She had a dream last night that she’s had on and off for the last ten years.
The dream goes like this: She’s in a house that she lives in and knows intimately.
But she discovers a whole new part of the house that she never knew existed, and she goes through it, exploring, and wondering at all the space that has been there, all this time, unbeknownst to her.
The original dream always takes place in a dream-created house, a perfectly round house with bedrooms off the central round hallway. The dream-created round house has a thatched roof and seems to be built up in the air – on stilts, maybe? and it is always dark and cool and shady in the dream-created round house. And the previously undiscovered section is full of sheet-covered furniture and dust.
But last night’s dream was a variation on the original house dream. Last night’s dream took place in a house she used to own, a small white stucco house that she lived in for ten years.
This was the house on Girard Avenue, the one in which she lived before she was married and after she was married, the house she was pregnant in, the house to which she brought two babies home from the hospital and then another one from a far-off land.
It was a small house, a bungalow, and all the rooms were small. Two small bedrooms in the back of the first floor, two more upstairs. A bathroom on the main floor. A tiny kitchen with no dishwasher. She used to do four sinkfuls of dishes a day, back then, when the babies were all babies and toddlers.
Over time, they added a room and a very small slanted-ceiling bathroom upstairs. They finished part of the basement. They redid the tiny kitchen and added a dishwasher and a new refrigerator.
They sold the small house and moved to a bigger one, which conversely had fewer rooms, although they were much larger, and which, strangely enough, did not have as much room for guests.
Since that larger house she has moved four times, despite the fact that she loathes moving, and now she lives in another house entirely, an interesting house in the same neighborhood.
She has always lived within six blocks of that very first small house. She’s tried, during the four-move-era, to force herself to move to a different neighborhood (cheaper, closer to children’s friends, etcetera), but she can’t. She loves her neighborhood, what can she say. She’s rooted here.
The old small house is only three blocks from the house she lives in now, and sometimes, when she’s out walking her dog, she walks past it. Twice now, in the past three months, she has seen the family that bought it coming out of the front door.
She and the wife of the family recognize each other and smile and wave when this happens. The children of the family, unborn when their parents bought the house, are now twelve and ten.
But back to last night’s dream. In it, she was back in the small house on Girard Avenue. Everything was the same as it had been when she left the house and she greeted each room with a combination of loneliness and happiness: oh, here you are again, and here you are too, you’ve been here all along, hello, hello.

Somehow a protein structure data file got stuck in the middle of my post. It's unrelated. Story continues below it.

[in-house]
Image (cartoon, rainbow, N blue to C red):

Except that there were more rooms. There were five bedrooms on the main floor alone.
And there was a whole wing to the house, a wing that she had never before noticed – a spacious living room, a family room, another room-room, two bedrooms down a hallway, and a large bathroom. She wandered through this wing, admiring all the space and wishing so much that she had known about it when she lived in this house. She never would have moved, had she known.
The two additional bedrooms were messy. Linens needing to be changed, comforters thrown in a heap, no decorative efforts whatsoever. Same with the big bathroom. All that could easily be changed, though. A few weekends of garage sales and flea markets and thrift stores – her favorite activities – and this whole new big wing would be transformed.
And then there would be so much space. So much space for anyone who wanted to live there or come visit. Plenty of room and privacy for her parents, her sisters, her brother, her nieces and nephews, her far-off friends – anyone. Come visit!
She woke up.
Why does she keep having this dream? One of her sisters writes down every dream she has, the minute she wakes up. This is a good idea, she thinks, so here she is, writing down this particular dream.
Does the dream mean that there is more room in her house and mind and heart than she thought? Has she ignored all the space and place that’s been there all along?
She wants those empty rooms. Every time she wakes from this dream she wants, wants, wants all that space. But if it’s there in the dream then it must already be here, somewhere, in life, right? There must be an invisible door somewhere, a door that she can press on and then twirl through to find all that calm and peaceful and empty space.
How can she find that door?
You may find yourself in a beautiful house. You may ask yourself, how did I get here?
You say it honey – I love this.
I think you have it just right. And that last quote – that is from Talking Heads, right?
Yes, it’s from the Talking Heads – you got it, Pepper.
really enjoyed this – thinking a lot about home and place and hospitality as i adjust to a new phase of life gracelessly.
i just read your blog, hope – it’s great. as for adjusting gracelessly, if you had to move somewhere where your heart is not, then you have all my sympathies. hang in there.
thanks, alison! and i’m glad you like the blog. trying to come up with the next post, but feeling bleak….